Individualized Therapy to Combat Viral Infections in Bone Marrow Recipients
An advanced technological system called the Cytokine Capture System (CCS) was recently introduced in the Bone Marrow Transplantation Unit (BMTU), which is part of the Hemato-Oncology Division at Schneider Children's, headed by Prof. Shai Izraeli.
The innovative therapy utilizes anti-viral T-cells to treat viral infections in immunosuppressed children undergoing bone marrow transplantation (BMT). The CCS isolates the specific T-cell lymphocytes in the donor's bone marrow which then administered to the recipient to fight the virus, thus enabling the child to recover until the body's own immune system kicks back in. The procedure is risky, because the lymphocytes could lead to an immune attack on the transplanted organ, a phenomenon known as Graft Versus Host Disease (GVHD).
One of the main hurdles in BMT is the necessary suppression of the child's immune system, which can lead to severe infections. While bacterial and fungal infections can be treated with antibiotics, many viral infections cannot be cured until the patient's immune system returns to proper function. In the absence of a significant immune response by the patient's own T-cell lymphocytes, viral infections can be severe and even fatal.
"The technological advancement of cell therapy enables us today to provide new treatments which until recently could only be imagined," said Dr. Asaf Yanir of the BMTU and BMT lab for programming stem cells at Schneider. "By using advanced technologies in the lab, we can isolate the donor's blood specific T-cell lymphocytes from the bone marrow which are then programmed to fight against a certain virus, but are rendered incapable of attacking the cells in the recipient to avoid GVHD. Once the cells are administered to the patient, they attack and eradicate the virus without causing any harm to the child's healthy organs. This procedure, which from the standpoint of the patient is very simple and administered in the clinic, is a real revolution in the treatment of infections in immunosuppressed patients."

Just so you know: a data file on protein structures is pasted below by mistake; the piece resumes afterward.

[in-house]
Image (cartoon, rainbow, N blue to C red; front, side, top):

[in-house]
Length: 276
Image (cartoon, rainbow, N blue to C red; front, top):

A few weeks ago, for the first time in Israel, cells were isolated in this fashion and administered to a 6-month-old infant who suffered from a life-threatening viral infection after undergoing a BMT. Six weeks later, there was no molecular evidence of any viral infection in her blood, and from the clinical perspective, she was totally cured, and even remained at home throughout the entire period.
The CCS requires sophisticated technological equipment alongside skilled human capability (the lab staff at Schneider Children's underwent intensive training in the use of the advanced system). The PRODIGY conducts the actual isolation of the cells, while the MACSQUANT device further enhances this life-saving therapy. Both devices were acquired following a contribution received from the Friends of Schneider Children's Association.
The stem cell and bone marrow programming laboratory, headed by Dr. Michal Perl-Yaffe, operates as part of the BMTU at Schneider Children's, headed by Dr. Jerry Stein, and is one of the leading laboratories in the country for stem cell programming. The BMTU treats about 50 children every year from all over the country.